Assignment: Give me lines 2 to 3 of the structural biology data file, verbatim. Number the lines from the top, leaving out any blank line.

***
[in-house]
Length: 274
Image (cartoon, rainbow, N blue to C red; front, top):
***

Length: 274
Image (cartoon, rainbow, N blue to C red; front, top):